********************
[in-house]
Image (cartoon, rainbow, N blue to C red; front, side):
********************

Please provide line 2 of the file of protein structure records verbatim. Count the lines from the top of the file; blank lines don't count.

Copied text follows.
Image (cartoon, rainbow, N blue to C red; front, side):